Again, if the largest member of one class surpasses the largest member of another, then the one class surpasses the other; and if one class surpasses another, then the largest member of the one surpasses the largest member of the other. Thus, if the tallest man is taller than the tallest woman, then men in general are taller than women. Conversely, if men in general are taller than women, then the tallest man is taller than the tallest woman. For the superiority of class over class is proportionate to the superiority possessed by their largest specimens. Again, where one good is always accompanied by another, but does not always accompany it, it is greater than the other, for the use of the second thing is implied in the use of the first. A thing may be accompanied by another in three ways, either simultaneously, subsequently, or potentially. Life accompanies health simultaneously (but not health life), knowledge accompanies the act of learning subsequently, cheating accompanies sacrilege potentially, since a man who has committed sacrilege is always capable of cheating. Again, when two things each surpass a third, that which does so by the greater amount is the greater of the two; for it must surpass the greater as well as the less of the other two. A thing productive of a greater good than another is productive of is itself a greater good than that other. For this conception of "productive of a greater" has been implied in our argument. Likewise, that which is produced by a greater good is itself a greater good; thus, if what is wholesome is more desirable and a greater good than what gives pleasure, health too must be a greater good than pleasure. [1364a] Again, a thing which is desirable in itself is a greater good than a thing which is not desirable in itself, as for example bodily strength than what is wholesome, since the latter is not pursued for its own sake, whereas the former is; and this was our definition of the good. Again, if one of two things is an end, and the other is not, the former is the greater good, as being chosen for its own sake and not for the sake of something else; as, for example, exercise is chosen for the sake of physical well-being. And of two things that which stands less in need of the other, or of other things, is the greater good, since it is more self-sufficing. (That which stands "less" in need of others is that which needs either fewer or easier things.) So when one thing does not exist or cannot come into existence without a second, while the second can exist without the first, the second is the better. That which does not need something else is more self-sufficing than that which does, and presents itself as a greater good for that reason. Again, that which is a beginning of other things is a greater good than that which is not, and that which is a cause is a greater good than that which is not; the reason being the same in each case, namely that without a cause and a beginning nothing can exist or come into existence. Again, where there are two sets of consequences arising from two different beginnings or causes, the consequences of the more important beginning or cause are themselves the more important; and conversely, that beginning or cause is itself the more important which has the more important consequences. Now it is plain, from all that has been said, that one thing may be shown to be more important than another from two opposite points of view: it may appear the more important (1) because it is a beginning and the other thing is not, and also (2) because it is not a beginning and the other thing is-on the ground that the end is more important and is not a beginning. So Leodamas, when accusing Callistratus, said that the man who prompted the deed was more guilty than the doer, since it would not have been done if he had not planned it. On the other hand, when accusing Chabrias he said that the doer was worse than the prompter, since there would have been no deed without some one to do it; men, said he, plot a thing only in order to carry it out.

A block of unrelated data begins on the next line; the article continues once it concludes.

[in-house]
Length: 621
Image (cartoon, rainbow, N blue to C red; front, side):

Further, what is rare is a greater good than what is plentiful. Thus, gold is a better thing than iron, though less useful: it is harder to get, and therefore better worth getting. Reversely, it may be argued that the plentiful is a better thing than the rare, because we can make more use of it. For what is often useful surpasses what is seldom useful, whence the saying: